3. Dig deep. You have to do this with any character you portray, but especially so when learning to write from the viewpoint of the opposite gender. Put yourself in the character’s position and “search your feelings.”

So there you have it: three tips on how to write from the opposite gender’s POV.

Doctor and King, first paragraphs

I decided to share the opening few paragraphs from my work-in-progress, Doctor and King. Enjoy!

I wasn’t a very imposing king, as far as kings go. To begin with, I was not tall, or especially handsome, or any sort of regal. I was not especially short, I might add — but I was enough shorter than average that only a nice set of high-heeled boots would give me the illusion of average height. And I wasn’t about to stoop to that level. Or raise to that level — whichever suits you. I wasn’t particularly buff looking either. Actually I was quite strong (I could bend a hundred-pound bow without straining, and could throw a man bigger than me to the wrestling mat with ease) but I looked more like a walking barrel than the sort of fellow you see parading down the streets with his shirt off. Not that I was fat, mind you. That is, I did carry a tiny bit of extra weight, but not much at all, you understand.

And besides not looking very imposing, there was this problem of age. I was twenty years old, and still under co-regency until I was twenty one. My mother was the co-regent. Yes, I confess she was; and that gave me the horrible stigma of being the biggest mama’s boy in the entire world. What a thing for a king to have to live down! Not that I blame her. My father set her up as co-regent before his death, and I am grateful indeed that I could always trust her. It was certainly a blessing to not have to fear that my co-regent might have other designs on me than keeping my kingdom safe. But the thing was, you see, that I seem to have inherited my lack of ruling skill from her. So we made a pretty pair of co-regents, I can tell you! Ever since it began, when I was twelve, I was clumsy and forgetful in my ruling role, constantly in need of my many counselors, and my mother was flighty and anxious. And both of us were sadly naïve when it came to politics.

That is how things came to be in the state they were when I turned twenty. You see, my kingdom (which was known as Averon ) bordered the kingdom of Sharrilok, the junction being in the middle of a mountainous area. The border was somewhat vague, apparently, which no one bothered to explain to me until it was too late. No one was concerned about the vague border, however, until we opened an iron mine right beside it. Then — oh heavens above! — the fountains of the deep broke open. The people of Sharrilok insisted that the mine was on their land. To make a long story short, we went back and forth, and forth and back in messages and complaints and all sort of other tarnation with the other king. Then we had people from Sharrilok coming in and trying to work the mine with our people, and our folks of course were angry and drove them out, unfortunately killing a few in the process, and then of course they retaliated, and so on and so forth. So really, we were on the brink of war.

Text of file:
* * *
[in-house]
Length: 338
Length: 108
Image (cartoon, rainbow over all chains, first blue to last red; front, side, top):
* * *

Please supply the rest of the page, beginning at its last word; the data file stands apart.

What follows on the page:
I was not too pleased. In fact, I was outraged. Here I was, just trying to be a decent king, and then politics, politics, politics happened, and now I was going to have to think of a solution if I didn’t want to go to war. Which I didn’t. Most of my political endeavors turned into a mess that had to be rescued by my counselors, and I knew war would not be any different

Why Happy Ending Are Important

I’ve mentioned before that I’m a sucker for happy endings. You probably are too, if you’re like most people. It’s ingrained in us—love wins, the hero overcomes, the bad guy is soundly trounced. Preferably after an epic battle. Why is this outcome so important to us?

Enter: The Master Story.

What is The Master Story? It is the basic blueprint for every Happy Ending story every made. The hero (or heroine) finds himself facing a devastating problem. Through many difficulties, misunderstandings, and confrontations, he (finally) faces off with his nemesis, appears to almost lose, then miraculously pulls off a stunning win!

Works every time. We love The Master Story because it conveys meaning. Our humanity craves meaning, thus, we are drawn to The Master Story.